Shouldn't ethylene should be more acidic? It has a C=C bond, so the density of electron cloud would be higher in the areas of the double bond while the C-H single bond have way less electron density. This, plus the fact that carbon has higher electron negativity than phosphorus should mean ethylene is more acidic as C-H bond will be more weakened than P-H bond and thus, C-H bond will break relatively easily, releasing H+ ions more frequently.

However that seems to be not the case (as discussed in this question Is ethylene more acidic than phosphine?).

Why so? Or am I wrong? Any help or discussion is welcomed. Thanks!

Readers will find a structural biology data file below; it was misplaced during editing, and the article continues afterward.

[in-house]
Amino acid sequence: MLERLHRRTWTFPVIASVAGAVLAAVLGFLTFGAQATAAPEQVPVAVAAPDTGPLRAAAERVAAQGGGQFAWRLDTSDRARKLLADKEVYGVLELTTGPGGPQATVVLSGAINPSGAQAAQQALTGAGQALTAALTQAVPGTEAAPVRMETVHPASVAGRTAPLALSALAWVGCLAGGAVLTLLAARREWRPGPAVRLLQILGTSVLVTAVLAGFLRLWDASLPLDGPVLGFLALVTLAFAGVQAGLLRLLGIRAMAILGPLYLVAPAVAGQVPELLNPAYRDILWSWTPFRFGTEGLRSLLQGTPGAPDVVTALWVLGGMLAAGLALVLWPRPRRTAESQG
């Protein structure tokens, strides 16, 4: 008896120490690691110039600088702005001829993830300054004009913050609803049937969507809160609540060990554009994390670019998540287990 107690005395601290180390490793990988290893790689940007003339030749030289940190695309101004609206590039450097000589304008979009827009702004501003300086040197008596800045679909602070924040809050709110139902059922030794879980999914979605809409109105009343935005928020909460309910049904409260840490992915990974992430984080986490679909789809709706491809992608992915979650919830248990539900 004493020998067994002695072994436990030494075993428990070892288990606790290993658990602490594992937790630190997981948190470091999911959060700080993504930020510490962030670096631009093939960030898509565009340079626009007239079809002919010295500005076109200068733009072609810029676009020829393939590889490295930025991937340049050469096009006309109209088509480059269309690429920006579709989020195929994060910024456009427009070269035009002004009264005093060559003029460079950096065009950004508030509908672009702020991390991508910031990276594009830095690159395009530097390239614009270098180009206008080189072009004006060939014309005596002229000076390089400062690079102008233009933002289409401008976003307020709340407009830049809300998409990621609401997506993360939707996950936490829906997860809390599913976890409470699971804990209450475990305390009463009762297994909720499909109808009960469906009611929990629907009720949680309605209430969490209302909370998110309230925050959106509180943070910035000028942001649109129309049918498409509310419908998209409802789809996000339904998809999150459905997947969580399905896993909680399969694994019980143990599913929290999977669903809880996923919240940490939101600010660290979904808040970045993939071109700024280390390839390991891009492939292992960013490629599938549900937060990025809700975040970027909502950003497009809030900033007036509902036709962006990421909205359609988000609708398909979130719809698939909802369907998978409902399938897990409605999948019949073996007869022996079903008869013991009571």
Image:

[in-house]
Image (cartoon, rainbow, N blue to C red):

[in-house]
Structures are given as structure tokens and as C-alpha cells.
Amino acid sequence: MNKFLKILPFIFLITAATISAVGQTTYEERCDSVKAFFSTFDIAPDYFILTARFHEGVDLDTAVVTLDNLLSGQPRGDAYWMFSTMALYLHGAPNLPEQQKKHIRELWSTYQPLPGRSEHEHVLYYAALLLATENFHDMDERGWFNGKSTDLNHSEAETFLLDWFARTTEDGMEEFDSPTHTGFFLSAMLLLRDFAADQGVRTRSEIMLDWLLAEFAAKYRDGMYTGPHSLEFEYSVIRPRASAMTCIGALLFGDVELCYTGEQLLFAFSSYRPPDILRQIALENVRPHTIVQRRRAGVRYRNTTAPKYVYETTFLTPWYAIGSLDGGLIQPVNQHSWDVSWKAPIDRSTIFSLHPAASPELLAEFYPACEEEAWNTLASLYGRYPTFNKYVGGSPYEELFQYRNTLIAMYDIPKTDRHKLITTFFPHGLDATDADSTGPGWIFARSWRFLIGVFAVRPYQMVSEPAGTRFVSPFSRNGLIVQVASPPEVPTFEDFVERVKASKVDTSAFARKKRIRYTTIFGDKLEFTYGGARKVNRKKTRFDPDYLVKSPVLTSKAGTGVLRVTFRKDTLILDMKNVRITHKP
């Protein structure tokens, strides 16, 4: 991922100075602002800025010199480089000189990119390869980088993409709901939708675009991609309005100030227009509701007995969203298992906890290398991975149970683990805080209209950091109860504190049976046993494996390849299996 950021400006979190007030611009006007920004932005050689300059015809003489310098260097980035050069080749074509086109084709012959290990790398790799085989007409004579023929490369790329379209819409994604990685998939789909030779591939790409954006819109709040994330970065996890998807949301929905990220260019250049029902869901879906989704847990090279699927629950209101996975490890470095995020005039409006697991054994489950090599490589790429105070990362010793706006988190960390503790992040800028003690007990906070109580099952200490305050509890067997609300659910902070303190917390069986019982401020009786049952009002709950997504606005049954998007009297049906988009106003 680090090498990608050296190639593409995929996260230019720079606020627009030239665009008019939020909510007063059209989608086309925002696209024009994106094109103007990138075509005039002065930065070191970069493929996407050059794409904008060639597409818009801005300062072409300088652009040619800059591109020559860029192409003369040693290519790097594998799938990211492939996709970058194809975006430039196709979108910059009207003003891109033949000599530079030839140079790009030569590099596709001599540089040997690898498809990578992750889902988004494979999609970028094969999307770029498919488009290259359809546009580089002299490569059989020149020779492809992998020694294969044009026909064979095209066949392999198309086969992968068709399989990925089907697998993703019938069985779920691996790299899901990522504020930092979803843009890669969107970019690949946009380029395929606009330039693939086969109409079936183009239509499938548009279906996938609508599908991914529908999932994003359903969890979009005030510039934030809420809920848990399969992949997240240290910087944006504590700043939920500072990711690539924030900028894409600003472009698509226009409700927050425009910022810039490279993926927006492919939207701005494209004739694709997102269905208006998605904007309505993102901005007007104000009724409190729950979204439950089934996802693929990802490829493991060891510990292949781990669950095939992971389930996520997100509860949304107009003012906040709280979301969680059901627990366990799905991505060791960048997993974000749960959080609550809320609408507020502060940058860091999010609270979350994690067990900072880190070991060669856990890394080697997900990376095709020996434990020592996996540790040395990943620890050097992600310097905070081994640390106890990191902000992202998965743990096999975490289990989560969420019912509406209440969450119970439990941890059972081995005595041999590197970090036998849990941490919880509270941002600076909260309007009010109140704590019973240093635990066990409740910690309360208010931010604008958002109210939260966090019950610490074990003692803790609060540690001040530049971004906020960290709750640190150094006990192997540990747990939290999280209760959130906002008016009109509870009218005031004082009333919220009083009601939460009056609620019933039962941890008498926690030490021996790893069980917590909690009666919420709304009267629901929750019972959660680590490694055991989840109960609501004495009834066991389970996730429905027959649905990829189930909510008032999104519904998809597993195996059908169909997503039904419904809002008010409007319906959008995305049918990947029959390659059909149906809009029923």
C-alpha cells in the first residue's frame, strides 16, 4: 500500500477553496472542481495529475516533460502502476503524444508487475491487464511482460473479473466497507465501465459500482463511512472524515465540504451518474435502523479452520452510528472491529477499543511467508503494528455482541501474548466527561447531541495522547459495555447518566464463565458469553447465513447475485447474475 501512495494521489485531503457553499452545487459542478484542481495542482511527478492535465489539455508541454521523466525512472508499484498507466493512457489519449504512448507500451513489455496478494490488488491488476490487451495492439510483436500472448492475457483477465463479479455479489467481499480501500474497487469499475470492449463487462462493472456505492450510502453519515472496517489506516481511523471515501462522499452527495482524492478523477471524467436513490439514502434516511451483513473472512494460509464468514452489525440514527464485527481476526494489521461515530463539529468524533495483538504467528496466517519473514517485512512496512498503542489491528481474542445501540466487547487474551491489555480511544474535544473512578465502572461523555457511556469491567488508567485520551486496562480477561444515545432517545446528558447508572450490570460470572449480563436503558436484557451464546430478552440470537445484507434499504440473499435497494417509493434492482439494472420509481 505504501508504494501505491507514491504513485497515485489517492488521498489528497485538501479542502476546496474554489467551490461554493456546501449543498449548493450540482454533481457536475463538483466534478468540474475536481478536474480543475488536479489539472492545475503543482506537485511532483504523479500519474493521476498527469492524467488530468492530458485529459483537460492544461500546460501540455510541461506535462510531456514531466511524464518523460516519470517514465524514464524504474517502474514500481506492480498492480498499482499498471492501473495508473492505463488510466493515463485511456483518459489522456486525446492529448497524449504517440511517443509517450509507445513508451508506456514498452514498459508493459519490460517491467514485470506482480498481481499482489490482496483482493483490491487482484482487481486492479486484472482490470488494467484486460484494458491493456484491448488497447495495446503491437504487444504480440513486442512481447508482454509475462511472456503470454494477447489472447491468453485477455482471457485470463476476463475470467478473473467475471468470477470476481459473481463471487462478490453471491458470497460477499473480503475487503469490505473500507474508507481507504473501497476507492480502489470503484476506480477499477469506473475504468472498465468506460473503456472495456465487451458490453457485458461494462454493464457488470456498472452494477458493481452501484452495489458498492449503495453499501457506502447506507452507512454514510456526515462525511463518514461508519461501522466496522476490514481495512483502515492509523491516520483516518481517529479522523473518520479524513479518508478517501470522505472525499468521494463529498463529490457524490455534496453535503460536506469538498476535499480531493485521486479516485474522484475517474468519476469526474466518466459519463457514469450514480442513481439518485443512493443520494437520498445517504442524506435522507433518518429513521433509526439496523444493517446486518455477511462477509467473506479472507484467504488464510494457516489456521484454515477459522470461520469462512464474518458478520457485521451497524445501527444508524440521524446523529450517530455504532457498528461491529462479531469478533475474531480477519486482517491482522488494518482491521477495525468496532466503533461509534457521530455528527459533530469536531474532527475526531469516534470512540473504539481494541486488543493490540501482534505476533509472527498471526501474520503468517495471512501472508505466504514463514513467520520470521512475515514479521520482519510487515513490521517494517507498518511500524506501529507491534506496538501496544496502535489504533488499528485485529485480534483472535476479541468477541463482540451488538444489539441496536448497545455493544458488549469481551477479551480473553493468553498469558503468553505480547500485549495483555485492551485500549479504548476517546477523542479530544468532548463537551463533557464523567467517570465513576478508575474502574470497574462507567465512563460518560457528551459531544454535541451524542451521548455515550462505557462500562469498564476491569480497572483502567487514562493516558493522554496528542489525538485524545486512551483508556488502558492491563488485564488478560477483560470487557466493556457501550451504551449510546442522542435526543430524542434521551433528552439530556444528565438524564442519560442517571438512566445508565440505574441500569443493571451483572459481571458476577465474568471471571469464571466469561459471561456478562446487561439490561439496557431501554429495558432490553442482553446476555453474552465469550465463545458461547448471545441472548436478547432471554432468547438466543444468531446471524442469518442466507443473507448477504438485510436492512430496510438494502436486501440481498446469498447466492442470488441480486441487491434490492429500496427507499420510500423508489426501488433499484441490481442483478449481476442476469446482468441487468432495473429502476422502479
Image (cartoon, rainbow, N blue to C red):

1 Answer 1


Phosphorus, a third-period element, forms a weaker bond to hydrogen than carbon; see for instance https://chem.libretexts.org/Courses/Valley_City_State_University/Chem_121/Chapter_8%3A_Chemical_Bonding_and_Molecular_Structures/8.6%3A_Bond_Enthalpies. Thus even though phosphorus has a relatively low electronegativity, the dissociation of a hydrogen ion costs less energy with phosphorus than with most hydrocarbons.


Your Answer

By clicking “Post Your Answer”, you agree to our terms of service and acknowledge you have read our privacy policy.

Not the answer you're looking for? Browse other questions tagged or ask your own question.